Monday, September 24, 2012

Excuses, Lies, And Responsibilities

Excuse us if we're a bit slow today. Over the weekend our staff members took a break to recharge their physical, mental, and emotional batteries. We slept in, spent time with family, got out and exercised - even built a bookcase. We did a little work too, as we began to look over Mitt Romney's taxes, which we'll likely tackle tomorrow.

We also ran into a few friends over the weekend, including a veteran of the conflicts in Iraq and Afghanistan. He's what's jokingly called a "short-termer" by at least a few of our more recent veterans, having only spent two tours of duty "over there," one in each foreign nation. Having been deployed overseas more than once, our friend is back home now, but still a part of the Army Reserves.

What amazed us is that he's also thinking about re-enlisting as a full-time soldier and going back for yet another tour of duty. His current employer, fed up with all the time off he's had to give our friend, is making the vet's life a living hell. At least his employer has followed the letter of the law (so far) by holding our friend's job open for him when he returns from his tours of duty, something many employers have not done for other returning members of the military.

How America has treated our veterans over the last decade - especially over the last few years - is more shameful than most Americans know or should accept. We're more than willing to admit, though, that conditions for our returning vets are not nearly as shameful as they were for those who returned after serving during the Vietnam war.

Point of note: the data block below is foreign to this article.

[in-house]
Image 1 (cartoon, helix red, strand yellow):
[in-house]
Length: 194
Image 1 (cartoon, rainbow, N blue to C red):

That said, too many Americans - especially those putting party over country like Nebraska Sen. Mike Johanns - still aren't willing to work as hard for our service members when they return as our military volunteers have worked for us when we send them "over there."

Last week was a perfect example of this kind of cowardice currently on display in the U.S. Senate.

After helping to craft a bill that would have assisted returning members of the U.S. military to get jobs, rejoin the regular workforce, and help cut the unemployment rate, four Republicans in the U.S. Senate - including Nebraska's own Senator Mike Johanns - decided to block the vote against the same bill they helped create. Each Senator seemed to give different excuses for their changes of heart.

The biggest excuse given was the false claim that the bill wasn't paid for. The bill was indeed paid for, in the same way virtually every bill in Congress is; over time, not all at once. Just as almost no individual pays for a house completely, up-front these days, multi-year government programs are also not paid for up-front, out of the current year's budget. That's not how either business or government is run in America today - and has been the case for longer than the life of anyone reading this commentary.

Both current Sen. Ben Nelson and U.S. Senate candidate Bob Kerrey - a veteran himself - were livid at the Republican voting blockade. They each noted that any procedural excuse that was made was something that could have been worked out, had the Congressmen been willing to put the needs of our service members above their slavish devotion to the Republican party.

To us, this sorry episode reminded us that some politicians are willing to act like our service members, fulfilling their responsibilities even when it's hardest - like in an election year, with an economy still struggling upwards.

Others, like Senator Johanns and his chickenhawk Republican cohorts, are still ducking their responsibilities to our military, and their own constituents, because of their fear of the extremists who currently control the Republican Party.

With an atmosphere like this, how any responsible American could vote for a Republican for Congress this year is beyond our understanding.

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